25th anniversary tour book  

Peter, Paul & Mary

25th Anniversary


In the past three years, Peter Yarrow, Noel Paul Stookey and Mary Travers individually and together performed at more than 300 benefits, traveled to El Salvador, Nicaragua, South Korea, Israel, and the Soviet Union to witness for peace, democracy and human rights, raised more than $500,000 for 30 senate, house and local candidates, paid a lot of attention to the seven children they have among them and founded the Charity Bailey Folk Music Project.

They were average, run-of-the-movement years for Peter, Paul and Mary. And in the same 36 months, the trio managed to bring their magic harmony and hope-filled lyrics to more than 6000 fans at 15 concert dates in the U.S., Australia, Japan, and Europe.

Noel PaulPeterMary

Peter, Paul and Mary have been at such a pace for 25 years, ever since they vaulted out of the coffeehouses of Greenwich Village in 1961 and onto a stage that has stretched from a platform of coffins at St. Judes just outside Montgomery to the Royal Albert Concert Hall in London to the dank floors of jails in Central America.

Musically, they've turned the lonely trails of peace and protest first blazed by Woodie Guthrie and Peter Seeger into highways for the masses. Popularizing traditional as well as topical folk music with the millions of records they've sold, among them eight gold singles and six platinum albums.

Introducing the words and music of struggling young artists like John Denver, bob Dylan and Gordon Lightfoot to a world too often too busy too listen to the truth. Providing a generation of adults with unforgettable camp songs.

Socially, they've stretched our collective conscience by stretching theirs, testifying for human rights and social justice wit their bodies as well as their voices. Standing uup to hoses and horses in Montgomery, bayonets in Chicago, the slurs of anti-ERA agitators in New York and to government thugs in Seoul. Kneeling with refugees and political prisoners in blood-spattered countries around the world.

Washinton DC 1986Politically they've shown a commitment to the democratic electoral process unlike any other entertainers in memory, throwing themselves and their reputations into every presidential contest since they began singing together. Pulling crowds and contributions into the campaigns of hundreds of congressional, gubernatorial, mayoral and local candidates. Boosting candidates unknown, black, female and liberal; often winning but seldom making it a requirement.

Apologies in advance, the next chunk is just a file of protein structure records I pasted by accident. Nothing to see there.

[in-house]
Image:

They've been consistent in their commitment, in the good years and the bad, from the "we" decade of the 60's to the "me" decade of the 70's to the renewal of spirit that is beginning to characterize the 80's. And in addition they've organized and inspired hundreds of other entertainers to donate time, money and talent to the causes and the candidates that have helped change our country.

Selma to Montgomery March 1965Through it all, from a giant birthday party for a young President who was not to have another to the funerals of Andrew Goodman and Allard Lowenstein, they've continued to bring us messages of optimism, and faith in the human spirit. One of their first hits, "Blowin' In The Wind", helped us believe there is indeed an answer; their latest song, "No Easy Walk To Freedom", urges our chins high with the words, "Glory hallelujah, gonna make it this time".

In a world of takers, Peter, Paul and Mary have been givers. At a monetary sacrifice greater than most of us would ever expect; at an emotional price many of us are all too familiar with. And often without even a simple thank-you-note from those they have helped.

Twenty-five years. For some of us, literally a lifetime. For others a long and tiring bridge between the inexhaustible energy of youth and the inescapable fatigue of middle age. But for Peter, Paul and Mary, 25 years is just a quick start in a superb race they continue to run, never seeming to tire, never even for moment, looking backward.

It has been suggested that had their music been attributed upon original release to Marvin, Gerald and Phyllis , it may very well have sunk without a trace. For part of the initial charm of Peter, Paul and Mary was their disarming simplicity. Dressed conservatively, they applied the orthodox vocal/musical style of the Weavers and The Kingston Trio to traditional favourites, spicing the brew with carefully selected fresh material from other young emerging folkies. Sincere and earnest, their starkly pure harmonies sweetened the air of a world in the throes of acute pessimism. "We came from the folk tradition in a contemporary form, where there was concern that idealism be part of your music and the music a part of your life.